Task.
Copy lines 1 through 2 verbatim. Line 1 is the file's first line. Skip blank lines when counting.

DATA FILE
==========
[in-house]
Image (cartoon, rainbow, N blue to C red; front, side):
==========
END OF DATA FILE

[in-house]
Image (cartoon, rainbow, N blue to C red; front, side):